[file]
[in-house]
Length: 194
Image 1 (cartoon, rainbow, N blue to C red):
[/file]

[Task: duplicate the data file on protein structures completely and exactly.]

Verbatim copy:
[in-house]
Length: 194
Image 1 (cartoon, rainbow, N blue to C red):